Bobby, it’s obviously a shame to have Tuesday’s game called off. I can imagine, following Saturday’s result, that you’re desperate to keep that momentum going into Saturday.
It was disappointing not to play on Tuesday, but it allowed us to get back on the training pitch, and work on fitness and tactics. So, it was pleasing that we still had the chance to work hard as a group, even on a cold night in a venue given to us at late notice.
How important was it for them to keep the fitness levels up for the weekend?
It’s important to keep that up, but it’s crucial that other things, like team spirit, are maintained as well. We spent a lot of time on Tuesday trying to find a place to train, and that paid off with the hard work that we were able to do.
Also, the training itself from the lads has gone up a notch over the last couple of sessions. Not just the fitness and sharpness levels, but the way they’re playing too.
With that session and the video analysis on Monday, it seems like the level of preparation has gone even higher recently.
Higher isn’t a word I’d use, but we’re heading towards the business end of the season, so, even with things like fitness, our targets aren’t reached overnight. It’s something that we will build towards over the season. We’ve got something to look forward to, that’s for sure.
Building for the future happens everywhere, including training. Everyone knows my standards now, and it just seems at his precise moment that it’s paying off a little bit.
As I’ve said before, my teams normally push now when other teams may get complacent.
Harry said that on the pitch you encourage him to express himself. Is that something you try to get across to all of your players?
As a manager, people see the disciplined side of my teams, but they don’t see the other side where I coach the boys to express themselves. They don’t see how I am on the training pitch, where I encourage the players to keep and move the ball. I’m quite happy about that. I prefer only my players seeing that side.
We unfortunately had to say goodbye to Alfie Rutherford this week. Beyond his excellent performances, how brilliant was he to manage.
It was an absolute pleasure to manage him. A really good lad and a quality player.
He trained with us on Tuesday night, even though he’d already gone back to Dorking and he didn’t have to. That showed just how much he loves playing for us. We’ve promised to work together again in the future. This is one way you build a solid team, by forming close relationships with players. You will always bump into them on some level later on.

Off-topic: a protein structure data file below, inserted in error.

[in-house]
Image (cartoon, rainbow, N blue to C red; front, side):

It seems to me like those bonds formed with players are crucial for future success.
That’s what I’ve had to do as a manager. Not just with players, but establishing good relationships with managers and board members of other clubs. This is how I have been able to bring in some really good players. Compared to other clubs’ finances, it’s not easy to buy lots of players, so I have to find ways to set up a good squad.
Behind the scenes, a few players are still suffering setbacks. How have they been getting on recently?
Ben Thomson is still a bit of a way off at the moment, but he’s working extremely hard. Max Hemmings is spending a lot of time in the gym now, and I invited Josh McQuoid to Saturday’s game. I’ve stayed in constant dialogue with all of them, which is important, as, being a manager, I’ve got to make sure that all my players are being looked after.
The Slough game felt like a perfect performance. Even a top side, like St Albans City, would take notice of that before facing us.
We played well at both ends last Saturday. People spoke a lot about our second half performance, which frustrated me as we also played well in the first half by keeping shape and not conceding. But then, we were dominant after the break, and we could have won by five or six. We also delivered 15 crosses in the second half. That was the most pleasing part, as anyone who knows me is aware that I keep saying that to win games, we need to put the ball in the box and create chances.
St Albans are absolutely flying at the moment, but what I will say is that we’re scoring lots of goals, and we’ve only lost one game in six. That’s not a bad run!
Harry said that we haven’t lost a lot of games recently, so when we do, like at Tonbridge, it feels like a kick in the teeth.
That’s why we are so down after that result. We played extremely well that game, so to be disappointed that we didn’t win shows that we must be doing something right. That proves just how well we’re moving forward as a group.
One word you’ve been saying a lot is ‘confidence’. St Albans will certainly be facing a very confident side tomorrow.
We’re a confident unit. Even after we lost at Tonbridge, we were confident. There’s still a lot of work to do, but right now I couldn’t be more pleased with what we’re doing. Tomorrow, we will make sure it won’t be an easy game.
But we also need to acknowledge that St Albans are not just in excellent form, they’re one of the league’s highest goalscorers, in joint-sixth place. Keeping them at bay won’t be easy.
Exactly. The league doesn’t lie. They’re doing really well. We’re playing against one of the top teams, so I think, on paper, we’ll be seen as the underdogs. We don’t mind that, but we need to make our ground a fortress. We need the fans to come out in numbers and make some noise. Back-to-back wins at home could put us in a really good position when we face Taunton Town on Tuesday.
We’re certainly not underestimating how good St Albans are. They’ve just beaten Eastbourne Borough, and they are flying. We know it will be a difficult game.
As always, what has been the key message going into tomorrow’s game?
Match the opposition, on and off the ball. We’ve got to stick together and make it really awkward for them. We’re looking forward to this game, but we know it will be difficult, so we need to do what we did last weekend and create lots of chances.